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Trump does not like Russia.

President Donald Trump has been exonerated of collusion with Russia. As I wrote a while back I expected this conclusion from the investigation carried out by Robert Mueller.

The big clue lay in Trump’s anti-Russian posture. Trump has continued the expansion of Nato which Russia, more than understandably, sees as a provocative, unfriendly and dangerous move. Then there is the unwillingness to step forward to negotiate an end to the Ukrainian situation. The US, under the presidency of Barack Obama, refused to countenance President Vladimir Putin’s suggestion that UN peace-keeping troops be deployed in southern and eastern Ukraine, and Trump has continued that policy. Then there’s the seeming refusal to extend the treaty (New START ) that dramatically lowers the number of intercontinental nuclear missiles on each side. Trump has also thrown money at the Defence Department while cutting social budgets, vowing to beef up America’s nuclear forces. Recently he unilaterally ended one of the great achievements that came towards the end of the Cold War, the treaty abolishing intermediate-range nuclear forces in Europe.

Collusion with Russia? It hardly seemed likely given this record and now it has been proved to be a red herring.

What I have long feared is not collusion but the effect that Trump’s confrontational policies will have on the peace of the world. When the Cold War ended in 1991 we had a big pan-European peace within reach and we blew it away. Analysts of the stature of Zbigniew Brzezinski, George Kennan and Henry Kissinger criticized the way the expansion of Nato was done and how there was a lost opportunity of binding Russia into Western Europe. Presidents Bill Clinton and George W. Bush launched that hostile policy but Obama continued it.

Nuclear war is always a possibility as long as the weapons and the hostility that is now prevalent, exist. Apart from an accidental launch or the action of rogue officers (as have nearly happened in the past according to Pentagon sources) there’s always the chance that mistaken policies will drive the US, Russia and China to military confrontation.

A sane finger (or fingers) on the nuclear button becomes a necessity if the world isn’t to be partly devastated. I can cross my heart and say that Presidents John F. Kennedy, Lyndon Johnson, Jimmy Carter, Ronald Reagan, George H.W. Bush and Barack Obama would never have initiated a nuclear attack. But I’m not so sure about Richard Nixon and George W. Bush. As for Donald Trump I put him in the second camp. I wouldn’t trust him.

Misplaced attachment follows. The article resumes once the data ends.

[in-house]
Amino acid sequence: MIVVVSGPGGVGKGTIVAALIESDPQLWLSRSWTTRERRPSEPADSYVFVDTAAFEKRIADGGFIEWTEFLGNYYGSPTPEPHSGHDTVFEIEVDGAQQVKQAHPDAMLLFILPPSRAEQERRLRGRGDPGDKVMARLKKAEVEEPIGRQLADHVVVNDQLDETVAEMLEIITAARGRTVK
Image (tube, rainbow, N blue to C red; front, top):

Crises can pop up seemingly out of nowhere and a steady hand in the Oval Office is absolutely necessary. Trump doesn’t like Russia, albeit he has had so far a civilized personal relationship with Putin. But, given his attitude, that could turn sour at any moment.

The worst of it is that a majority- albeit a small one- of Americans might support him. A number of surveys carried out have shown that over the years Americans have become more tolerant of the use of nuclear weapons if they felt the homeland was truly threatened, even by a non-nuclear attack.

At the time of the nuclear bombings of Hiroshima and Nagasaki President Truman rejected advice to authorize a third, saying he didn’t want to take the lives of “all those kids”.

Yet we know he considered using them if the Soviet advance into Japan from the north continued. And at the time of the Korean War General Douglas MacArthur, the chief commander, recommended they be used in significant numbers to stop the Chinese advance into the north. As recently as 1965 during the Vietnam War the Pacific Theatre Commander asked Washington for permission to use tactical nuclear weapons.

Fortunately, we know today that the so-called “elite” policy makers wouldn’t accept the use of nuclear weapons.

This is the conclusion of an exhaustive study made of a “war game” involving both very senior policy makers (the “elite”), past and present, and their juniors. It’s written up by Reid Pauly in the current issue of Harvard’s International Security. The simulation, organized under the auspices of the Pentagon, pitted the home side against an unnamed foreign power during wartime.

Twenty-six games were played. In only two was the result the use of nuclear weapons. But it wasn’t ethical reservations or worries about triggering more proliferation that gave the players pause, it was an “apprehension about domestic, global, allied or peer reputational costs”. They didn’t want to become a pariah by being the first to advocate use since 1945. They were prepared to suffer conventional war defeats rather than use nuclear weapons.

So what about the “button”? In reality the president’s command to use them has to pass through various Pentagon layers before launch officers get their orders. I doubt, given the deep reservations of the “elites”, that it would be obeyed.

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